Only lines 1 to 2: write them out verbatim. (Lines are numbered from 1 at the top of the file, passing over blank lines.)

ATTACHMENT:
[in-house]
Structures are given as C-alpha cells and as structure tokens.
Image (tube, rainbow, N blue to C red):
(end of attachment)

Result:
[in-house]
Structures are given as C-alpha cells and as structure tokens.